Joe Weisenthal from Bloomberg picks up one of the central problems here and tweets: “This seems like the general problem with the state of crypto regulation right now, any company that tries to make a point of being a good player automatically falls behind. This isn’t about sympathy with Coinbase per se, but new lending products built by anonymous teams are being spun up every day. They’re a little different than something like lend but it still creates essentially two different tracks with one being at a major disadvantage.” Jesse from Kraken adds, “Ask Coinbase why they shut down margin yet it’s still widely offered by competitors. U.S. regulators are beating down good actors because it’s convenient. Meanwhile, actual scams are unabated for years, who’s behind the effort to drive domestic businesses and consumers offshore.”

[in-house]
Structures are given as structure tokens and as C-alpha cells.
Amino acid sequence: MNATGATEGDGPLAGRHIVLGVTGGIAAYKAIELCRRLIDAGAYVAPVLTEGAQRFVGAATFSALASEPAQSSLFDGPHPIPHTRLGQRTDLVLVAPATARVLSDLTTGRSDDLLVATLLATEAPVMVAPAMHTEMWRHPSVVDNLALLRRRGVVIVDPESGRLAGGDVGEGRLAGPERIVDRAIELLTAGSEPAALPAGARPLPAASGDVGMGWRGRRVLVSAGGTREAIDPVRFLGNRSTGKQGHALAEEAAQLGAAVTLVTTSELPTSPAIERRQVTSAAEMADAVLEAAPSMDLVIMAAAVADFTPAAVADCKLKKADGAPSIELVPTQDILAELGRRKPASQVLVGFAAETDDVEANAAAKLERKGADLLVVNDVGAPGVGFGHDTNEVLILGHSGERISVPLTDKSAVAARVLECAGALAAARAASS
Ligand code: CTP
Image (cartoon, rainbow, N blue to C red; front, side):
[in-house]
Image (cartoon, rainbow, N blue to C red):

Now, regulators could point to this and say that’s exactly the problem. It’s regulatory whack a mole. So we have to be aggressive with those we can regulate. The issue is one of strategy, to some extent regulating crypto or it should be said any future tech industry that sets up in an anonymized decentralized way, it’s like trying to squeeze a fistful of ocean, it’s just going to flow away. But the response to that isn’t just to try to squeeze harder. It’s to create a scenario in which the actors that do want to comply, can create network effects in the market around their compliance. Put differently, there are a ton of people who want to work with regulated exchanges, and a ton of people who net net would prefer that versus not but aren’t willing to handicap themselves entirely. The net effect then of this approach to regulation is that actors that demand compliance simply don’t engage at all. And the ones that are more neutral use the tools at their disposal to flow away to less regulated venues just like that water. In other words, it’s a bad strategy, unless your strategy is to kill the thing through legal pressure, which is something I think we at least have to consider as a possibility here, given how aggressively the SEC has been digging in.